Two Yukon First Nations have won yet another landmark indigenous legal victory – this time against the local territorial government, over the vast Peel Watershed.
The case was brought by famed Canadian legal figure Thomas Berger on behalf of Na-Cho Nyak Dun and Tr’ondëk Hwëchin nations – both of whom share traditional territory in the largely pristine northern Yukon watershed. The plaintiffs also included several conservation groups and individuals.
The battle stems from a land use planning process for the Peel that spanned half a decade of research before devolving into years of political meddling. With various mining and resource players beginning to show interest in the largely untouched watershed, the Peel Commission was struck in the early 2000’s to gather information on the region and weigh out development and conservations objectives.
After delivering its final recommendations in 2009, the Yukon government began a several-year process of additional changes to the plan – ultimately rendering it unrecognizable from the original.
Invoking its perceived authority to modify the plan, the government slashed the total protected areas from 80% of the Peel down to just 29%.
Lack of consultation
It was on this basis that the two First Nations and their conservation allies launched a legal challenge last January in the Yukon Supreme Court (see video below) – claiming infringement of their constitutional rights to be consulted and accommodated. Essentially, under their Final Agreements with the Crown, Yukon First Nations have the right to be consulted on land use planning, among other matters. The government’s proposed modifications to the Commission’s final recommendations were too broad and didn’t receive enough consultation, the court found.
“The Final Agreements give Yukon First Nations certain rights in their Traditional Territories in exchange for the release of their claims to it. This includes a right to participate in the management of public resources,” a media advisory from the courts explains.
[quote]Chapter 11 encourages the development of a common land use planning process that applies to both Settlement and Non-Settlement Land in the Traditional Territories of the First Nations…The Government chose to propose modifications to the Recommended Plan in February 2011. Of the five modifications proposed, two simply stated a preference for more balance and increased options for access. This level of detail was insufficient for Consultation and lacked any tangible or practical guidance for the Planning Commission.[/quote]
Court sends government back to the drawing board
The court ruling forces the government to go back and redo much of its constitutionally-required consultation, but with with certain important restrictions. Specifically, the proposed, vague clauses it wanted to insert into the process – enabling it to make sweeping changes to the development-versus-conservation balance – are a no-go this time around.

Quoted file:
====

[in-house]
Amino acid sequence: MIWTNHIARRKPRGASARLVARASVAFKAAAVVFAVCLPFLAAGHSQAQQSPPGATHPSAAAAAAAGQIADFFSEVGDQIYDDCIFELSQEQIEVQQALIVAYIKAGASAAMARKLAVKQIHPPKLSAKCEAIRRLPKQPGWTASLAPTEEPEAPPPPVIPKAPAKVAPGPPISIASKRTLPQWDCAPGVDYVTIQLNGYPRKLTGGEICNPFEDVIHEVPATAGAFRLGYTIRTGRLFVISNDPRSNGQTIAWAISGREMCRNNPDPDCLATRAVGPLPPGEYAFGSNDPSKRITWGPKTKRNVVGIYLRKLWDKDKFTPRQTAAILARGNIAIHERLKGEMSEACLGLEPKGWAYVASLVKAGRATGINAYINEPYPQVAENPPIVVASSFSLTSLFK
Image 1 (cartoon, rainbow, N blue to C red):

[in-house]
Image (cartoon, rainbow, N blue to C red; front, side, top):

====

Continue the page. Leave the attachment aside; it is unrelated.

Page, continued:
“The appropriate remedy is to return the matter to the point in the process where the error occurred,” said the court’s media advisory today. “This was at the stage of Consultation with respect to the Final Recommended Plan.”
“In the result, the January 2014 Government approved Peel Watershed Regional Land Use Plan is quashed.”
[quote]The Government of Yukon is required to hold final Consultations with the affected First Nations and affected communities under s. 18.104.22.168 of the Final Agreements, based on the modifications it proposed in sufficient detail at the earlier stage in the process. Any modifications to the Final Recommended Plan shall be limited to these proposed modifications…but not the stated preference for more balance and increased options for access.[/quote]
Public onside with protecting Peel
The court ruling reinforces a strong public will to protect the Peel, says Christina Macdonald of the Yukon Conservation Society – one of the co-plaintiffs in the case, along with the Canadian Parks and Wilderness Society.
“I feel like if I opened my window this morning at 9 AM when the decision was announced, I would have heard all of the Yukon cheering – along with our many supporters across Canada and around the world,” said Macdonald over the phone from her office in Whitehorse.
But the Yukon Government has made no bones about its preference to develop the region. “This remote area holds resources that have the potential to be of great value to Yukon’s economy, both now and in the future,” Yukon Minister of Energy, Mines and Resources Scott Kent said in a statement when the government’s version of the plan was released.
“We’re anticipating the government will appeal,” Macdonald responds, “but the people have spoken and now the courts have spoken, so why appeal? We won here and we’ll win again.”